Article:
It looks like someone may have been telling porkie-pies!
Well, remember yesterday, when I wrote about the exciting news of a Bristol academic cracking the code to the Oddest Book in the World – the Voynich Manuscript – and it only taking him a couple of weeks where many others have failed… including Alan Turing…
Now it turns out that Bristol University have backed away from the claims at a hundred miles an hour after hearing the doubts of another scholar who tried the same method years ago. It didn’t work.
So, sorry for the false alarm, but we’re not going to be reading a translated version of this mysterious book any time soon. I just hope that, when someone actually cracks it for real, it turns out to be worth all the time and effort and not just an extended shopping list.
Eggs, milk, baked beans, toothpaste…
BREAKING NEWS: Further to my article a few weeks ago about the Voynich Manuscript, otherwise known as The Oddest Book in the World, this has happened …
Although the purpose and meaning of the manuscript had eluded scholars for over a century, it took Dr. Gerard Cheshire two weeks, using a combination of lateral thinking and ingenuity, to identify the language and writing system of the famously inscrutable document. University of Bristol
Says Dr. Cheshire:
“I experienced a series of ‘eureka’ moments whilst deciphering the code, followed by a sense of disbelief and excitement when I realised the magnitude of the achievement, both in terms of its linguistic importance and the revelations about the origin and content of the manuscript.
“What it reveals is even more amazing than the myths and fantasies it has generated. For example, the manuscript was compiled by Dominican nuns as a source of reference for Maria of Castile, Queen of Aragon, who happens to have been great aunt to Catherine of Aragon.
To find out more about how he did it, and what he discovered, read the University of Bristol Article:
Written by a philosopher, a mystic, a coven of witches, or a muddle of martians? We may never know…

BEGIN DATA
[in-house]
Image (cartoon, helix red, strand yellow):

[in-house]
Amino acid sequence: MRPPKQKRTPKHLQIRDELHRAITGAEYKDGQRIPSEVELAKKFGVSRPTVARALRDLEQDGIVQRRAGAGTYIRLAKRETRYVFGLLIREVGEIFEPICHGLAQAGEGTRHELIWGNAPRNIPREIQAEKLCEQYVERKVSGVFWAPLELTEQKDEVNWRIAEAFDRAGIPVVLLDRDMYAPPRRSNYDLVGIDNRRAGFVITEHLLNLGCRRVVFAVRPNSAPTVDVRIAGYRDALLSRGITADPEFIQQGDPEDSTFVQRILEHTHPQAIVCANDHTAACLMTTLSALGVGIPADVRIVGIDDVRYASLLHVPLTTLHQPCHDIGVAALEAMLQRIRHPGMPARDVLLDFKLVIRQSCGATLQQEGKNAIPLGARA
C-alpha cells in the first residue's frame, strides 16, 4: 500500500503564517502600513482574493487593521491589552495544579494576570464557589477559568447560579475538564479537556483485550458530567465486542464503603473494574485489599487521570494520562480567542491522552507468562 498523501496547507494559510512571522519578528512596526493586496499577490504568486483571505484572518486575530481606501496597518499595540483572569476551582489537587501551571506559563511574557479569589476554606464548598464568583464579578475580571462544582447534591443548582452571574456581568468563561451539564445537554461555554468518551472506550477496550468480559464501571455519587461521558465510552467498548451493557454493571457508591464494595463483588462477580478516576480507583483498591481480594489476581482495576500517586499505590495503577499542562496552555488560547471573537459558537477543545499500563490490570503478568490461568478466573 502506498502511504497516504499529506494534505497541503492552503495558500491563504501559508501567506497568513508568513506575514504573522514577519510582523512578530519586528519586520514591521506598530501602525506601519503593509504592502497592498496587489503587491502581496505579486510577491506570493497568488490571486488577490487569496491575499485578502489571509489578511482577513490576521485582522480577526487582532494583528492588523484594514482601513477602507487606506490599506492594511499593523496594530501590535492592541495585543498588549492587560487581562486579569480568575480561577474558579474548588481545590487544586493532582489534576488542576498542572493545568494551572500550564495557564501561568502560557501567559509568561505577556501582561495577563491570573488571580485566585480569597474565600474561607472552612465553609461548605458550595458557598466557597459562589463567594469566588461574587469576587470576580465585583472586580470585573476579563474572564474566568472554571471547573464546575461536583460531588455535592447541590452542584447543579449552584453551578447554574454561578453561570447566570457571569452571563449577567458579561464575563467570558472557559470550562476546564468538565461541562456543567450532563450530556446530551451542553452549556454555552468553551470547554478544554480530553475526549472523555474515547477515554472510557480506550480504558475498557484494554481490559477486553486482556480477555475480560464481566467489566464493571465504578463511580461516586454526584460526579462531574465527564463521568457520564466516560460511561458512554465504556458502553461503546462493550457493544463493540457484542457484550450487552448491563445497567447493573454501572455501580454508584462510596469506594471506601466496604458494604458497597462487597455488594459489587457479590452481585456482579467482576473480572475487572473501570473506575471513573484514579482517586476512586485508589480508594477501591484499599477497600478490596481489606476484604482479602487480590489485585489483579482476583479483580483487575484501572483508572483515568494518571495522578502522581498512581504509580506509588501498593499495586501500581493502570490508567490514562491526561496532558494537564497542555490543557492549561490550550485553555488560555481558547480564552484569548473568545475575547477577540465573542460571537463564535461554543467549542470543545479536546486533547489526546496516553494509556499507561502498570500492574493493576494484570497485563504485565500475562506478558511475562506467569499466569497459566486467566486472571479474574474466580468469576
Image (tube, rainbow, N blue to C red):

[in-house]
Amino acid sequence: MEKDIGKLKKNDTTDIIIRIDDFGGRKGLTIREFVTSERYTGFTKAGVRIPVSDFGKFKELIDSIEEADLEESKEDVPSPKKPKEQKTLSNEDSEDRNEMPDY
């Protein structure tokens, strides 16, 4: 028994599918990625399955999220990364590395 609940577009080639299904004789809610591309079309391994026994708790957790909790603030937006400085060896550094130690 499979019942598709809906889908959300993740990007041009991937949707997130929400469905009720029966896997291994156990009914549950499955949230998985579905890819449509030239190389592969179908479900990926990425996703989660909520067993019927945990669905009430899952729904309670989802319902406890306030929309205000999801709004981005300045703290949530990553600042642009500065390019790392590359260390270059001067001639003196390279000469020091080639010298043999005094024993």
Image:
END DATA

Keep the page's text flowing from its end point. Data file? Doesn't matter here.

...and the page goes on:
Carbon-dated to 1420, this enigmatic 240 page creation seems to document a forgotten culture in an unrecognisable language with dream-like illustrations. Some of the world’s most prominent cryptologists have tried—and failed—to decode the text.
If you’d like to have a go yourself, the whole thing is available online.
Take a look at this short film about why the Voynich Manuscript is truly a really Odd Bit of Writing!
FUN FACT : Not many people know that a collection of odd books is known as an ‘excitement’.
Here is today’s ‘excitement’. Stick any one of these on your bookshelf and you’ll never be without a conversation starter when guests come calling.
1. HOW TEA COSIES CHANGED THE WORLD
Though Tea is a Very Important Thing Indeed, I had no idea that tea cosies had actually changed the world, so this could be a real eye-opener. Was it really Helen of Troy’s fancy tea cosy that launched a thousand ships? Did Hitler decide to invade Poland because he thought they had better tea cosies? Maybe this odd book holds all the answers.
One reviewer, who gives the book 5 stars, declares:
“This book rocked my teapot!” Continue reading
In 2014, in a forest north of Oslo singing with birds and swaying with silent giants, one thousand Norwegian Spruce trees were planted. Every year that follows, for a hundred years, an author will be selected to gift an unpublished work which will be printed on paper made from these very spruce trees when they are fully-grown and felled in 2114. Until then the stories will sleep, undisturbed, not to be read by a single soul.
The ‘Future Library’ artwork is the brainchild of Katie Paterson, a woman who creates magic wherever she goes, mapping out dead stars and releasing meteorites back into space amongst other things. So far it holds stories by celebrated authors like Margaret Atwood and David Mitchell who will not live to see how their works are received.
To find out more, I highly recommend visiting this gorgeous website.
If you are writing a book and want it to stand out amongst the stiff competition, you could do worse than give it a really bizarre title.